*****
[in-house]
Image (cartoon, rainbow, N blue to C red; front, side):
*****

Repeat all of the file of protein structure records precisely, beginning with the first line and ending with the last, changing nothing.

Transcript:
[in-house]
Image (cartoon, rainbow, N blue to C red; front, side):